UK: FCA Regime For Consumer Credit High Level Proposals

The FSA published its proposed approach to consumer credit regulation on 6 March. The Consultation Paper (CP13/7) sets out the approach the FCA intends to adopt for the regulation of this activity when it transitions from the Office of Fair Trading (OFT) on 1 April 2014. This will affect both existing regulated entities such as banks and building societies, but will also bring into regulation a number of other types of firm which are involved in the provision of finance to consumers. This paper was released on the same day as the OFT's report into payday lending, which provoked a large amount of media interest, and the HM Treasury/Department for Business, Innovation & Skills consultation, 'A new approach to financial regulation', which sets out the draft statutory instruments in this area.

The specific interim provisions detailed within the CP include the below:

  • Existing firms will need to notify the FCA prior to 1 April 2014 (expected from autumn/winter 2013) that they wish to continue their activities. They will be given interim permission or, in the case of existing FCA/Prudential Regulation Authority (PRA) regulated firms, interim variation of permission.
  • Interim permission is expected to run until 1 April 2016 at the latest.
  • Firms will need to submit an application for full authorisation or variation of permission by a date to be set in a direction from the FCA.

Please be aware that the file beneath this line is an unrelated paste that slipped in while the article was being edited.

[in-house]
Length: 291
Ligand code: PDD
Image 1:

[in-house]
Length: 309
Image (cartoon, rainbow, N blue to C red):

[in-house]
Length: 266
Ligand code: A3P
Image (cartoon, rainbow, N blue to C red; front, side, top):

• The FCA proposes to issue such directions in stages, based on categories of firms, from 1 October 2014.
  • The Approved Persons regime will apply to consumer credit firms from full authorisation only.
  • Firms can become appointed representative if appropriate but only if their principal firm is fully authorised for credit activities.
  • There will be on-going reporting requirements from full authorisation only.
  • Capital requirements will only be set for debt- management firms and applicable from full authorisation.

Conduct rules will be in place from 1 April 2014 for all firms with the new FCA rules and guidance largely replicating the existing Consumer Credit Act (CCA) provisions and OFT guidance. Details of the exact rules will be in a further CP expected this autumn. Firms will have six months to 'accustom' themselves to these, essentially to make administrative changes e.g. updating references in compliance manuals, rather than to set up new procedures to demonstrate compliance. The CP acknowledges that the FCA cannot take enforcement retrospectively but will look at past behaviour and apply the sanctions that were in force at the time so misconduct prior to 1 April 2014 will be investigated by the FCA and fines will be based on what could be have been imposed under the CCA.

The FCA's 'Principles for Businesses' will also apply to consumer credit firms from 1 April 2014. Clearly banks should have strong governance and risk management frameworks in place prior to transition but they will need to ensure consumer credit activities are fully included.

It is clear from the proposal that the regulator expects all firms that currently hold a consumer credit licence to be in compliance with the existing rules and guidance. We see the key issue for firms as being their ability to evidence compliance with the existing regime.